In the aftermath of the 2008 financial crisis, however, flexibility and choice became code words for a shock doctrine that took advantage of the crisis to override or bypass workers’ protections entirely through a massive vanishing trick: With a flash and a puff of smoke, workers were no longer workers, but instead independent contractors. This legal loophole meant that they qualified for no benefits or protections and were simply opting into a “sharing economy” in which everything is shared—risk, social cost, medical expenses—everything but the profits, of course. The “gig economy” was born.

False choice is dispersed throughout this gig economy and taken to new extremes, epitomized by an absurd headline declaring that “Young people have embraced the gig economy.” In the wreckage of the post-2008 economy, millennials and others—student loans dwarfing their job prospects—were left scrambling for whatever work they could find and couldn’t afford to be picky. So now we “choose” whether or not to sell our labor, but we also “choose” when to do so, which gigs to accept and which to refuse, whether to work from home or not. But we still don’t get to choose the conditions under which those choices are made. Instead, those conditions are naturalized. It’s just the way things are: Your home is a hotel, your car is a taxi, and your bike is not for recreation anymore.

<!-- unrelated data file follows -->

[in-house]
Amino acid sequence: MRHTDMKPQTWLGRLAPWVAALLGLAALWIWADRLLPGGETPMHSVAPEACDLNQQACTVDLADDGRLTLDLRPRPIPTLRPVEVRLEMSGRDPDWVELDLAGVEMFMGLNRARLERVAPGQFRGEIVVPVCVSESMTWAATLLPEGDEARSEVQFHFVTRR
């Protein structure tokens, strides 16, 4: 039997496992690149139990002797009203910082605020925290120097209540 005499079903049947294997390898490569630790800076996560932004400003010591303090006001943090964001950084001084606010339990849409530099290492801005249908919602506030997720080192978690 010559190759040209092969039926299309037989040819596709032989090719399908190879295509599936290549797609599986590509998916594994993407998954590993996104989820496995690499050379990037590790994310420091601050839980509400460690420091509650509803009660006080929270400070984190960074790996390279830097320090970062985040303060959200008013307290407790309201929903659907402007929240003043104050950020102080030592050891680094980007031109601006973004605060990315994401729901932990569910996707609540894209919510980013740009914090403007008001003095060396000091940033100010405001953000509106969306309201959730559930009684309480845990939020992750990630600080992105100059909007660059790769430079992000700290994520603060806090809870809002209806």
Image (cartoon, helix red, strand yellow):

Founded in 2012, Caviar, like many of the food-delivery services that have invaded cities, is emblematic of a gig-economy business model that distributes social costs and risk onto the broader community. As one article about Pablo’s death puts it: “Caviar workers injured on the job often fall back on aging parents or adult siblings for housing when they can’t ride. Most Caviar workers depend on the goodwill of bicycle mechanic friends or sympathetic bike shops to keep them rolling (and thus eating) as their bicycles wear out from near constant use. This is all labor that maintains their workers, for which Caviar’s business model shirks responsibility.”